“I’d be LIVID if someone prayed with/to/at my kids.” My heart leapt into my throat and then sank as I read these words from a Facebook group on parenting. The original post had asked for advice on what to do as a parent if you found out your mother had prayed with your children when they couldn’t sleep, even though you are agnostic/atheist and raising your children the same way. This was just one of the many comments expressing this sentiment that flooded the post.
I’ll be honest. I’ve been pretty sad lately about people leaving the faith. Deconstruction seems to be the word on the lips of half the people I know, and it feels like the other half doesn’t have the tools to face the reasons people deconstruct head on. And this is the world my daughter has been born into. A world where people who have been hurt in one way or another want nothing to do with the Church. What can we do?
My daughter is only nine months old, so we’re not quite to the point where she’ll start asking questions about why my parents and her aunts don’t attend church. But I believe my husband and I should start thinking about how we’ll respond when she does ask us those questions. And I’ve thought of a few places to start.
Prioritizing Church during the Time We Have
As parents, we have limited time with our children and unlimited potential for how we can spend that time. We want to give our children the whole universe and then some. I want to set my children up to be successful, well-adjusted adults. And I believe church should be a vital part of that.
Hebrews 10:24–25 states,
And let us consider how to stir up one another to love and good works, not neglecting to meet together, as is the habit of some, but encouraging one another, and all the more as you see the Day drawing near.
How we spend our time shows our children what we value and what is important. I strongly believe that parents should prioritize church attendance and involvement over other activities, especially when there is growing hostility and scrutiny toward the Christian faith. A commitment to the Church will show your children that life in Christ is done together. While your child will not always be thrilled to go to church on Sunday (like for me right now, when it appears that church will infringe upon nap time, leading to an overtired nine-month-old), we know God’s Word never returns void.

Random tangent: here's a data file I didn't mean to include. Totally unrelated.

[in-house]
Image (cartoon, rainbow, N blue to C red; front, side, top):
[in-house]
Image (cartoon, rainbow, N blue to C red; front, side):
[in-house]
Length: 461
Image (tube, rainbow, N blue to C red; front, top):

Finding Opportunities to Experience Jesus—without Us
Having peers who also attend church is important. But in today’s age, it’s not always a given that your children will have peers in church. Some research suggests that Gen Z is the least churched generation, and with the decline of church affiliation continuing, it’s safe to say we’re likely going to start hearing some of the same opinions I saw from parents in that Facebook group from our kids’ classmates’ parents. Inviting classmates to church events (such as VBS) is a fantastic idea to get kids involved in church. However, the Fourth Commandment, “Honor your father and your mother” (Small Catechism, Fourth Commandment), should always be at the front of mind. Make sure you can help these kids honor their parents’ wishes and be upfront with them about what will happen at church events (they will be told about Jesus while playing games, for instance).
Another way we can make sure kids experience faith with their peers is through participation in events such as summer camp, retreats, or the Youth Gathering. We know from LCMS research that one of our greatest measures of retention is participation in these events. I think this is because children get to explore faith with people their own age. When kids and their peers experience the same things you do, it allows them to take ownership of their beliefs.
Creating Opportunities to ExpressFrustrations
I know I am not alone when I say I experience frustrations as a Christian. My sinful nature often wants to make God more like me, agreeing with all of my opinions instead of following the holy God that the Word tells us He is. I’ve felt the sinful tug to leave and say God agrees with me. Our children need to know that we aren’t blind to this and recognize that it’s okay to feel uncomfortable and not have all the answers.
When I was dating my now-husband, I was thrilled with how his family did this. When they ate a meal together, the daily devotion from that quarter’s issue of My Devotions was read (appropriate for upper elementary kids and beyond) and a question was asked. Often, this leads to deeper discussion than the original one asked. “I’ve been meaning to ask you . . .” was a phrase said frequently.
Being in a routine where Scripture is read and faith is pondered is a practice with immense impact.
Small Catechism quotation is from Luther’s Small Catechism with Explanation, copyright © 1986, 2017 Concordia Publishing House. All rights reserved.
In this month’s Everyday Faith Calendar, you’ll walk through 1 John and find daily readings, questions, and activities to create a place where your children can express concerns, speak about complex parts of faith, and praise Jesus.